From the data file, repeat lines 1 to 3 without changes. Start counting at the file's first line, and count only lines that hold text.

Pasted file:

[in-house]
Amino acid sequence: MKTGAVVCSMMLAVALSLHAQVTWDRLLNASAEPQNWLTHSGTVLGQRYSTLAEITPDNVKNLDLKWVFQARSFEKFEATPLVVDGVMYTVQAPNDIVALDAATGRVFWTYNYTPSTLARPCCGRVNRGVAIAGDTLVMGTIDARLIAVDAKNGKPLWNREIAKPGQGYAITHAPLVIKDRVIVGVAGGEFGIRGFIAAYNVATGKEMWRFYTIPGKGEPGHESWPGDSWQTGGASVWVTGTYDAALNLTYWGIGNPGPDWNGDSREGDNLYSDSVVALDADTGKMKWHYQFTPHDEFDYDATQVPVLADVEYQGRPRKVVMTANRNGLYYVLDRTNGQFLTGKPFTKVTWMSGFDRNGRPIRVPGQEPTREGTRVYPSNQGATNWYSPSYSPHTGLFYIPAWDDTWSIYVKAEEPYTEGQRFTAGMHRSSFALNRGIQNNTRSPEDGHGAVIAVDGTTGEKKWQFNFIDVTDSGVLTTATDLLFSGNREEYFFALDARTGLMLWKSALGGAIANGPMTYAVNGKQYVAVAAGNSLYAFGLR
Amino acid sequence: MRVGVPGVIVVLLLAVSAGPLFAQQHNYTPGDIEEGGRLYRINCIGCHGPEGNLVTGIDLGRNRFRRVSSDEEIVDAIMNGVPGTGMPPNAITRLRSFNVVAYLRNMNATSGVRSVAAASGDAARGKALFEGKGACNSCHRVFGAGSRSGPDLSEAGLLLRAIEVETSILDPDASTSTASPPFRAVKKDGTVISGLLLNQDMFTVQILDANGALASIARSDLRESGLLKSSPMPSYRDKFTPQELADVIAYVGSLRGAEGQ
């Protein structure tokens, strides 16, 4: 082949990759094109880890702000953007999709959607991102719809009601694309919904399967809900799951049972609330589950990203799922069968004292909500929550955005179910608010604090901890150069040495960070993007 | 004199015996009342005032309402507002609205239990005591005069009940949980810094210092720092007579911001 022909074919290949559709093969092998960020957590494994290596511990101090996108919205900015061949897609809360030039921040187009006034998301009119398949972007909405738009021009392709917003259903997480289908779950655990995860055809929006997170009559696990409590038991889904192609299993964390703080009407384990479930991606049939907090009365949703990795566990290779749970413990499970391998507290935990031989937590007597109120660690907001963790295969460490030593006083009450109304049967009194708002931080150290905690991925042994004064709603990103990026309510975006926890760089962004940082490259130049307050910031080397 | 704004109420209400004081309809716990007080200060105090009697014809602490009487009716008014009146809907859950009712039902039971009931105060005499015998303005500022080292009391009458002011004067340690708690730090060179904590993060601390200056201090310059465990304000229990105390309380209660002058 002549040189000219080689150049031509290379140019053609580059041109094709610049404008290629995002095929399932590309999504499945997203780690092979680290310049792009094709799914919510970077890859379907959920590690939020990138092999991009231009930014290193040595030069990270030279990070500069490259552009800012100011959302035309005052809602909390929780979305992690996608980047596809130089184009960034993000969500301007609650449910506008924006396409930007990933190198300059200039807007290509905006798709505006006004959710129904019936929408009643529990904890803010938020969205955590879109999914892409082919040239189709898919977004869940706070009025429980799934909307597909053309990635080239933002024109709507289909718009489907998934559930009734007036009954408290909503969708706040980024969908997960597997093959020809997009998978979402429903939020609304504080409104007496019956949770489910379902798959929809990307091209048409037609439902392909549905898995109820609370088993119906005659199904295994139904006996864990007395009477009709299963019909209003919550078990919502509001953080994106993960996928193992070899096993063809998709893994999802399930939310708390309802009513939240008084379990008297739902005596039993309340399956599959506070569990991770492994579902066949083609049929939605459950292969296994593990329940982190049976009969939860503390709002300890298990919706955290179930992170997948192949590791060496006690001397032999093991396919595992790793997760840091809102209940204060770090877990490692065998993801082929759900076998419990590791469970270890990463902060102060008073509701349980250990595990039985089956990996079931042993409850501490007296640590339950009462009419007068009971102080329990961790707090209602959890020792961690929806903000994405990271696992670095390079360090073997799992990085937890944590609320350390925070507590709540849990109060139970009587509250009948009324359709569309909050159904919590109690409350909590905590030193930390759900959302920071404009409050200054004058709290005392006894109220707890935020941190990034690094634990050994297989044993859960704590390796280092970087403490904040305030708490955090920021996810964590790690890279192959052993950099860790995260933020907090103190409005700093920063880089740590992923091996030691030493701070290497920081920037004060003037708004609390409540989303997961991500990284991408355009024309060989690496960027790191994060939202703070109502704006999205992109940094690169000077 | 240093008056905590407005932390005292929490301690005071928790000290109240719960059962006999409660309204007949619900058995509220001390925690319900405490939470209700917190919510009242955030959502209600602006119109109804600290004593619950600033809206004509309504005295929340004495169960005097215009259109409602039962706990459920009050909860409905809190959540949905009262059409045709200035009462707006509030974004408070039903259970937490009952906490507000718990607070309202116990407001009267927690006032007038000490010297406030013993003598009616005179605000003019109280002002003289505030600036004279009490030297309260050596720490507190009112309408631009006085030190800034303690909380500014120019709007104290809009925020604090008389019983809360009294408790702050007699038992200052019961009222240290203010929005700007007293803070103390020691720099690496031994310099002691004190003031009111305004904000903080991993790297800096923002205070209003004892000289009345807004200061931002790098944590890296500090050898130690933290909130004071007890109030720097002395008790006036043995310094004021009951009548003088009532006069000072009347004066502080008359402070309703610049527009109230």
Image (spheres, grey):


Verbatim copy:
[in-house]
Amino acid sequence: MKTGAVVCSMMLAVALSLHAQVTWDRLLNASAEPQNWLTHSGTVLGQRYSTLAEITPDNVKNLDLKWVFQARSFEKFEATPLVVDGVMYTVQAPNDIVALDAATGRVFWTYNYTPSTLARPCCGRVNRGVAIAGDTLVMGTIDARLIAVDAKNGKPLWNREIAKPGQGYAITHAPLVIKDRVIVGVAGGEFGIRGFIAAYNVATGKEMWRFYTIPGKGEPGHESWPGDSWQTGGASVWVTGTYDAALNLTYWGIGNPGPDWNGDSREGDNLYSDSVVALDADTGKMKWHYQFTPHDEFDYDATQVPVLADVEYQGRPRKVVMTANRNGLYYVLDRTNGQFLTGKPFTKVTWMSGFDRNGRPIRVPGQEPTREGTRVYPSNQGATNWYSPSYSPHTGLFYIPAWDDTWSIYVKAEEPYTEGQRFTAGMHRSSFALNRGIQNNTRSPEDGHGAVIAVDGTTGEKKWQFNFIDVTDSGVLTTATDLLFSGNREEYFFALDARTGLMLWKSALGGAIANGPMTYAVNGKQYVAVAAGNSLYAFGLR
Amino acid sequence: MRVGVPGVIVVLLLAVSAGPLFAQQHNYTPGDIEEGGRLYRINCIGCHGPEGNLVTGIDLGRNRFRRVSSDEEIVDAIMNGVPGTGMPPNAITRLRSFNVVAYLRNMNATSGVRSVAAASGDAARGKALFEGKGACNSCHRVFGAGSRSGPDLSEAGLLLRAIEVETSILDPDASTSTASPPFRAVKKDGTVISGLLLNQDMFTVQILDANGALASIARSDLRESGLLKSSPMPSYRDKFTPQELADVIAYVGSLRGAEGQ